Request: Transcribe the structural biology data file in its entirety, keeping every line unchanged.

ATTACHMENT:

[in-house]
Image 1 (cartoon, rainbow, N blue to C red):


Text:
[in-house]
Image 1 (cartoon, rainbow, N blue to C red):